January 2018

January 1st, 2018

Below is the news for the month when it happened and the market’s reaction.  For a full view of the month start at the bottom and work your way up. If want to know what just happened start at the top. All Times are Eastern Standard Time.  When the price of Mortgage Backed Securities (MBS) goes down rates go up, and when the price goes up rates come down. Remember in the bond market Bad News is Good News and Good News is Bad news.

Wednesday - January 31  


The Fed left interest rates unchanged at today's FOMC meeting but the statement painted a somewhat hawkish tone. Employment is strong while economic activity has been rising at a solid rate. In addition, inflation and inflation excluding food and energy is expected to rise in the next 12 months. MBS had another seesaw session. The Fannie Mae 30-yr 3.5% coupon opened at 101, traded to 101.09 then fell to 102.75 after the Fed statement only to close at 101.0, +6bp. Stocks also experienced a roller coaster ride trading well into positive territory, then fell into the red before closing with gains. The Dow rose 72.50 points to 26,149.39, the S&P 500 was up 1.38 points to 2,823.81, while the NASDAQ gained 9 points to end at 7,411.48. WTI oil settled at $64.73/barrel, +$0.23. 10-yr yield 2.71%. Tomorrow's economic data includes Weekly Initial Jobless Claims, Productivity and the ISM Manufacturing Index.


Late Morning Review:

A low supply of homes for sale on the market continued to plague home buyers in December. The National Association of REALTORS® reports that Pending Home Sales in December rose 0.5% from November, which was just below the 0.6% expected. Year-over-year Pending Home Sales are up 0.5%. Sales slowed in all four major regions of the country. Lawrence Yun, NAR chief economist, says, "Buyers throughout the country continue to be hamstrung by record low supply levels that are pushing up prices — especially at the lower end of the market."

After two straight days of losses, Stocks are higher being buoyed by strong earnings reports and after President Trump delivered a mostly controversy-free State of the Union last night. The president called for a $1.5 billion infrastructure spending bill. U.S. Stocks are on track for their best January in decades. The closely watched S&P 500 is up 5.7%, its best January gain since 1997 fueled by positive economic data, strong earnings and the recent tax cuts.

Private employers added more new workers than expected in January as the job markets continue to grow. ADP Private Payrolls in January rose by 234,000, well above the 190,000 expected while December was revised lower to 242,000 from 250,000. Within the report it revealed that small businesses added 58,000 workers; medium size businesses 91,000; and large companies 85,000. Mark Zandi, chief economist of Moody’s Analytics, said, “The job market juggernaut marches on. Given the strong January job gain, 2018 is on track to be the eighth consecutive year in which the economy creates over 2 million jobs. If it falls short, it is likely because businesses can’t find workers to fill all the open job positions.”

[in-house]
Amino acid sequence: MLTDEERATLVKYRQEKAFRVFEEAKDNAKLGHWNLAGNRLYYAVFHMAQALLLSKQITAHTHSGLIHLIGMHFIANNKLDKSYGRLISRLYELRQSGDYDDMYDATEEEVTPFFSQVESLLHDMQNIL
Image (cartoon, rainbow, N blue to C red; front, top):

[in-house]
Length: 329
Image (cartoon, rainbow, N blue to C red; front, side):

Tuesday - January 30


Stocks plunged today leading to the largest two-day sell-off for the Dow since June 2016 due in part to rising yields and as health care shares weighed on the market after Amazon, Warren Buffet and JPMorgan announced they would form a health care alliance to lower costs. The Fannie Mae 30-yr 3.5% coupon saw a small 6bp loss closing at 100.97. The Dow fell by 362.59 to 26,076.89, the S&P 500 lost 31.10 points to 2,822.43 while the NASDAQ declined by 64.02 points to end the session at 7,402.48. WTI oil at $64.50/barrel, -$1.06. 10-yr yield 2.72%. President Trump will deliver his first State of the Union address tonight at 9:00 p.m. ET. Tomorrow's economic data includes Chicago PMI, Pending Home Sales, Employment Cost Index and ADP Private Payrolls. The Fed decision will be released at 2:00 p.m. ET. There is a zero percent chance of a hike to rates but the statement may be on the hawkish side.

Late Morning Review:

The S&P Case-Shiller 20-City Home Price Index rose 6.4 percent year over year, which was in line with estimates. National home prices were up 6.2% in November year over year and are 6 percent higher than their 2006 peak. (See chart below) Those in the top 20 cities are still 1.1% lower, however. “Home prices continue to rise three times faster than the rate of inflation,” said David M. Blitzer, managing director and chairman of the Index Committee at S&P Dow Jones Indices. “Without more supply, home prices may continue to substantially outpace inflation.”

The Conference Board announced on Tuesday that consumers felt more confident about the U.S. economy in January after a decline in December. The Consumer Confidence Index increased to 125.4 this month after the decline in December from November. The Conference Board said consumers’ assessment of current conditions decreased slightly, but remains at historically strong levels. Overall, consumers remain quite confident that the solid pace of growth seen in late 2017 will continue into 2018.